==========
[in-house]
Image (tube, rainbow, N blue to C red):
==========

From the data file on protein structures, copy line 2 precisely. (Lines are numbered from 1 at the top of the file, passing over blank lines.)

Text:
Image (tube, rainbow, N blue to C red):